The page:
This restaurant's salteñas gives Toronto a taste of Bolivian cuisine

Munay is located at 881 St Clair Ave W, Toronto, ON

Posted: February 03, 2022

Owner Tania Di Blasi and her daughter Fiona Di Blasi. (Suresh Doss/CBC)

Jason: So shall we talk about Salteñas?

Suresh: Have you ever had one?

Jason: This is the first time I'm hearing about them, honestly. 


Suresh: Salteñas may as well be one of Bolivia's national dishes, because its beloved and found throughout the country. From the Andes to the southern city of Tarija, where it is said to be originally from. Here is Munay's owner Tania Di Blasi:

"Salteñas is iconic food in Bolivia…The first time I ate them, I thought it was the most delicious thing I have ever eaten." 

What you're picturing as you said is a hand pie. This is a crescent-shaped pastry with a braided top. It's bright yellow and can sometimes have a shiny glossy finish. It's about the size of an empanada, but it is not like an empanada.

(Suresh Doss/CBC)

Jason: What makes it different?

Suresh: The signature component to Salteñas is that it is filled with a stew, and fillings of meat and/or vegetables.


So it's not something you want to just bite into, or the hot liquid will spill over, just like if you bite into a Chinese soup dumpling. 

The filling in a Salteñas is gelatinized and frozen, and then stuffed into a pastry and baked. That is something Tania has perfected: 

"It takes a lot of work to make it properly, to hold the juice. If there is air, it will explode because the air wants to come out. That doesn't come in the recipe. No one tells you this tip. Every person who makes Salteñas in Bolivia, they don't want to share the tips. So it took practice. I made a lot of mistakes." 

(Suresh Doss/CBC)

Jason: Why did Tania want to make Salteñas here in Toronto?

Suresh: Tania and her family are from Bolivia. Before opening Munay last year, she was a general manager at a coffee shop in Toronto. The story goes that she was really missing this national dish from Bolivia. You can't find Salteñas easily in Toronto, Jason.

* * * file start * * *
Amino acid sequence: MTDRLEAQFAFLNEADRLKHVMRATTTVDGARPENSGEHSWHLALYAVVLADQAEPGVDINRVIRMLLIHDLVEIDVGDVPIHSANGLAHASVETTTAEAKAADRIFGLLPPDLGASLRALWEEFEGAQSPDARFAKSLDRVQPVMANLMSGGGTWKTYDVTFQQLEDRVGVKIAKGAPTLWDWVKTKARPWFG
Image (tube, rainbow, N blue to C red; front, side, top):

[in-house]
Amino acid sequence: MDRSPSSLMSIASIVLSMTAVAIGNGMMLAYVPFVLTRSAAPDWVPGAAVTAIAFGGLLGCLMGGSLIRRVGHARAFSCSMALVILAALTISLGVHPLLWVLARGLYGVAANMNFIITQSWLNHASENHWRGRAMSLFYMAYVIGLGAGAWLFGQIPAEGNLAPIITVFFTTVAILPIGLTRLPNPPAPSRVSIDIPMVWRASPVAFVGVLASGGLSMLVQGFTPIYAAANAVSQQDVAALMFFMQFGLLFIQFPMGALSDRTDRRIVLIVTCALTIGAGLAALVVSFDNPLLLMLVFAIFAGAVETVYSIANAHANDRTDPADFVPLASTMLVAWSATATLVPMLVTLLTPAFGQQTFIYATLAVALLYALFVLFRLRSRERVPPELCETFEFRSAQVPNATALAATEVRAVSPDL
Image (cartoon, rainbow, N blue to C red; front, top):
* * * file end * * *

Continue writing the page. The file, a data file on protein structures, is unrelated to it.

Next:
She had never made them before, but she wanted to learn. So, she enlists her mom and family members to try and get some recipes that she could work on.

She says it took her years to master. She started off by selling batches of it on Facebook. it grew organically from there, to this small storefront on St. Clair West.

(Suresh Doss/CBC)

Jason: Are hand pies the sole focus at Munay?

Suresh: Pretty much, but there are a few other things to try.

The cheese bread and yuca breads are great. But the main attraction are the three types of Salteñas; chicken, beef and vegetarian. 


The dough has a little bit of sugar and shortening, and it's accented by achiote spice which gives the dough this golden dress. 

The filling is complicated as it is a three-day process. 

A day is dedicated to making the stock. The next day, Tania and her daughter Fiona will make the meat or vegetable filling. 

The chicken filling is complemented by Peruvian yellow peppers, and the beef filling by rocoto peppers.

(Suresh Doss/CBC)


Jason: That sounds like the spicy Salteñas to me....

Suresh: The rocoto peppers bring some formidable heat 

The gelatinized broth is then added to the filling, and stuffed into the dough and braided. 

It's then cooked at 500 degrees, high heat because you want to bake the dough quickly. This also caramelizes the sugar in the dough, giving the braid this dark brown coat.

Jason: This sounds like something you need to enjoy right away.

Suresh: The beauty of Salteñas is that they're very winter friendly. You can stand outside and enjoy one. But yes, you should eat it right away, and carefully.


(Suresh Doss/CBC)

Jason: So what is the technique for eating Salteñas?

Okay, so first, shake your Salteñas. Trust me, shake it but gently. 

So you are mixing the filling and the juices. Then you want to turn the Salteñas so the side is facing up. 

You bite off the top to open a pocket. You'll immediately see some steam escaping. 

Now the best thing to do is take a sip of the stew, this really rich consommé, with this undercurrent of spices. You can also use a spoon if you want. 


Then, after you've enjoyed the liquid, you want to eat the rest of it. At this point, it starts to taste very much like a meaty beef patty.

Jason: I started off this conversation having never heard of Salteñas before. Clearly that is a wrong that needs to be righted. 

Suresh: If you want to cook them at home, Tania does sell frozen Salteñas. 

And for dessert, I would recommend you cool off your palate with alfajores. Tania makes these delicious dulce de leche cookies that practically melt in your mouth.